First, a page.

The problem is in the way various versions of Windows handle graphics in the WMF (Windows Metafile) format. When a vulnerable computer opens a maliciously crafted WMF file, it can be forced to execute arbitrary code. Microsoft published a first security advisory on December 28, saying it had received notification of the problem on December 27 and was investigating whether a patch was necessary.
On Tuesday, Microsoft updated the advisory to say it has completed development of its own patch, and is now testing it for release next week.
“Microsoft recommends that customers download and deploy the security update for the WMF vulnerability that we are targeting for release on January 10, 2006,” said the advisory, the full text of which can be found online.
The company says it carefully reviews and tests its security updates, and offers them in 23 languages for all affected versions of its software simultaneously. It “cannot provide similar assurance for independent third-party security updates,” it says.
The number of users potentially at risk is high, with all versions of Windows exhibiting the vulnerability, but the number actually affected so far is relatively low, researchers say.
However, the chance of running into a malicious WMF file is climbing, and with it the danger of running an unpatched system. Already, one security Web site has had to warn its readers to stay away: the owners of the knoppix-std.org site warned in a forum posting that hackers had modified the site so as to attempt to exploit the vulnerability on site visitors’ machines.
There is “a lot of potential risk” associated with the vulnerability, according to Jay Heiser, a research vice president with Gartner and the company’s lead analyst on information security issues. “If it can be exploited in any significant way, it would be an extremely big risk.”
“It’s a race between Microsoft and the exploit community,” he says.
The bad guys had a head start in that race. Security researchers at Websense first spotted malicious Web sites using the exploit on December 27, but those sites may have been doing so as early as December 14, the company says.
On December 28, Microsoft ambled out of the starting blocks with its first security advisory acknowledging a potential problem.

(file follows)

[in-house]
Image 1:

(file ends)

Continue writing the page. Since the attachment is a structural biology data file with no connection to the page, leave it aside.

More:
Over the weekend, it updated this to suggest a way in which users could reduce the risk by disabling an affected part of the OS, called shimgvw.dll. Microsoft warned that the fix has the side effect of stopping the Windows Picture and Fax Viewer from functioning normally. Others report that it also stops Windows Explorer from showing thumbnails for digital photos.
Security researchers outside Microsoft had other ideas: rather than disable shimgvw.dll, they would modify it so that only the functionality considered dangerous was blocked. By December 31, programmer Ilfak Guilfanov had developed an unofficial patch to reduce the danger of attack, without impairing Windows’ graphics functions
His patch quickly won the support of security researchers including The SANS Institute’s Internet Storm Center (ISC) and F-Secure.
Mikko Hypponen, chief research officer at F-Secure, feels safe recommending the Guilfanov patch for several reasons.
“We know this guy. We have checked the code. It does exactly what he says it does, and nothing else. We’ve checked the binary, and we’ve checked that the fix works,” he says.
He has one final vote of confidence: “We’ve installed it on all our own computers.”
Sophos PLC’s Senior Security Consultant Carole Theriault advises businesses not to install the unofficial patch. “We wouldn’t recommend it, for testing reasons,” she says.
One of the hidden dangers of the WMF vulnerability is that things are not always what they appear. Usually, WMF files can be identified by their.WMF file extension, and blocked as a precaution, but attackers may choose to disguise malicious files simply by giving them another image file suffix, such as.JPG, because the Windows graphics rendering engine attempts to identify graphics files by their content, not their name. That was the case with a file with the title “happynewyear.jpg” that began circulating in e-mail messages on December 31: If opened on a Windows machine, the file attempts to download and install a backdoor called Bifrose.
As a consequence, says Theriault, businesses should keep existing antivirus protection up to date and concentrate on blocking unsolicited mail while waiting for the Microsoft patch, as this may help to screen out attacks. They should encourage users to practice safe computing by only visiting reputable Web sites and taking care with what they download, she says.